In the earlier 20th century fiction saw a unique change in disrupted treatment. James Joyce was the four runners who heralded this new movement. It was called stream of consciousness novels. This kind of literature was also known as a demonstration of the working of the mind. Before Joyce no writer of fiction of so four grounded the process of thinking. While on one side critics loaded the movements there are others who called it “inimitable, and also possibly mad”.
Born in Dublin, Ireland James spends most of his time in France and Switzerland. In fact he had migrated permanently to continental Europe. Yet most of his characters are drawn from different cities of Ireland where he spent his early days.
Joyce is best known for Ulysses (1922), a landmark work in which the episodes of Homer‘s Odyssey are paralleled in an array of contrasting literary styles, perhaps most prominent among these the stream of consciousness technique he utilized. Other well-known works are the short-story collection Dubliners (1914), and thenovels A Portrait of the Artist as a Young Man (1916) and Finnegans Wake (1939). His other writings include three books of poetry, a play, occasional journalism, and his published letters. (From Wikipedia)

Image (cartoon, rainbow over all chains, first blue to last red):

Time magazine considered James Joyce as one of the very important writer of the 20th century. The magazine went to the extent of saying “Joyce….revolutionized 20th century fiction”
On 11th January 1941 Joyce had to undergo surgery in Zurich. After the surgery he improved a little bit. Doctors were thinking that he will regain good health. However he had a relapse and despite all efforts fail into a coma. On 13th January 1941 he at 2 am he opened his eyes, asked for a nurse and requested her to call his wife and son. However within 15 minutes, before they arrived Joyce breathed his last.
In Dublin the work and life of Joyce is annually celebrated on 16th June every year.
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